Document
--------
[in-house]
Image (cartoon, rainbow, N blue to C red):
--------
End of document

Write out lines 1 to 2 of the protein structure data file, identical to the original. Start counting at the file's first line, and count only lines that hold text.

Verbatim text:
[in-house]
Image (cartoon, rainbow, N blue to C red):